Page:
As a general rule of thumb, a real Rolex will almost always weigh more than a counterfeit. Therefore, simply feeling for the weight of a Rolex watch is an easy enough tip for how to spot a fake Rolex. This is because authentic Rolex watches are crafted from the highest-grade materials. More modern Rolex timepieces are made of such materials like 904L stainless steel, 18k gold, or 950 platinum. Some vintage Rolex watches are made from 9k gold, 14k gold, gold shell, and 316L stainless steel before Rolex switched over to using 904L steel. That being said, most imitation Rolexes are made with cheaper materials – in both cost and quality – and tend to be comparatively more lightweight, less sturdy, and in shoddier condition than genuine Rolex watches.
Something else to consider is which material the Rolex model in question is made of. For instance, some Rolex watches like the Milgauss, Explorer, Explorer II, and Deepsea have only ever been made in stainless steel. Knowing this, you can tell that any of these models made in any other material like gold, platinum, or any two-tone combination of materials is indeed a replica. By the same token, watches from Rolex’s Day-Date collection are made exclusively with precious metals like 18k gold or platinum, and any Day-Date you see made with other materials can be determined a fake. Furthermore, the new rubber Rolex Oysterflex bracelet is only ever fitted to yellow, white, or rose gold Rolex watches. Accordingly, if you ever find an Oysterflex bracelet fitted on a steel, platinum, or two-tone Rolex, you can be sure that it’s not authentic.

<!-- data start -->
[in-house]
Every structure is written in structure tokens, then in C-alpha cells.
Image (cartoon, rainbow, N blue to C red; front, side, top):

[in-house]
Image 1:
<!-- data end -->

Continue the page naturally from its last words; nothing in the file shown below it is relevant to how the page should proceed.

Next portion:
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Credit to The Watch Standard for these articles.